An examination of the evidence on which this conclusion is based leads to several critically important caveats.

Incomplete reporting

As reported by Redberg and Katz in an editorial accompanying the systematic review, reporting of essential outcome measures in the published articles is incomplete. Of the 19 published articles, “15 reported all-cause mortality, 10 reported cardiovascular mortality, 12 reported fatal and non-fatal myocardial infarction, and 13 reported fatal and non-fatal stroke[10]”, they said. Furthermore, only 7 of the 19 studies reported the incidence of serious adverse events[9]. Such obvious omissions in the publication of these trials, which were primarily manufacturer-funded, suggest the possibility of reporting bias in favour of statins.

Lack of transparency

The evidential standard of ‘evidence-based’ medicine relies on reports of well designed and well conducted clinical trials published in peer-reviewed journals, and the systematic reviews based on those publications. This standard ignores the inability of peer reviewers and medical journal editors to verify the accuracy of the clinical trial reports they publish because they do not have access to the underlying clinical trial data, which are kept as confidential corporate property.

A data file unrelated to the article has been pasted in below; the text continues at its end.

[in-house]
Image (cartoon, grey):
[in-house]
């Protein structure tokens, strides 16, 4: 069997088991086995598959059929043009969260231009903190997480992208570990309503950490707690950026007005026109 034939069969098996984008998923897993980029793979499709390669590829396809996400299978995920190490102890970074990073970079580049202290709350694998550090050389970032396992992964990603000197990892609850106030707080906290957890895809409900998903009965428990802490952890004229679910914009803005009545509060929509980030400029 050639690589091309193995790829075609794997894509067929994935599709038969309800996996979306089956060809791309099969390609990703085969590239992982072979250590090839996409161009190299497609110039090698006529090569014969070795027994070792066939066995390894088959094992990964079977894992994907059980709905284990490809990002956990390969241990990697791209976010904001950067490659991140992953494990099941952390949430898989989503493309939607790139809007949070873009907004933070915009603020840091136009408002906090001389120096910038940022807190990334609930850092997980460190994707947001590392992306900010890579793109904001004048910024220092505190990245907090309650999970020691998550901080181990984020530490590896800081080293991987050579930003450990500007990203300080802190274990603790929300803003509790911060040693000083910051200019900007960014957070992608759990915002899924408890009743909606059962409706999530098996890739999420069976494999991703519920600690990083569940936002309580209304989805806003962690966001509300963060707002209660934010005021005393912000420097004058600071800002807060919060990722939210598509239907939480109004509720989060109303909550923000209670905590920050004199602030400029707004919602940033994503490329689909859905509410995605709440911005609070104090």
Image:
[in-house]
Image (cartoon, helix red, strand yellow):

As is typically the case for the most influential articles reporting the results of clinical trials[11], the statin trials included in the USPSTF systematic review were predominantly commercially funded. Also, commercially sponsored studies are significantly more likely to report favourable efficacy and harm results than those which are not commercially sponsored for the trials of exactly the same drugs[12]. And, when compared with the underlying data, these peer-reviewed reports are found to include only about one-quarter of the pre-specified benefits and harm results[13].

Relying on the published reports of commercially sponsored clinical trials leaves healthcare professionals in a position analogous to the slaves in Plato’s allegory of the cave: conflating perception of the shadows cast on the cave wall with reality.

Simply put, the USPSTF recommendations, as well as those from NICE, the ACC and the AHA, are based not on independent analysis of the actual scientific evidence, but on unverifiable hearsay evidence, which would not be admissible in a court of law, yet is being relied on to dictate the treatment of millions of healthy people. Given the lack of access to the underlying data from the 19 clinical trials, the most reasonable assumption is that reported benefits and harms of statins for healthy people represent the upper limits of statin efficacy and safety.

Effect of statins on all-cause mortality

The USPSTF recommendations address “the benefits and harms of statin use in reducing CVD events and mortality in adults without a history of CVD[14]”. The reviewers report that statin therapy significantly reduced all-cause mortality (pooled risk ratio [RR], 0.86 [95% CI, 0.80–0.93]). However, this finding does not represent the true effect of statins for primary prevention.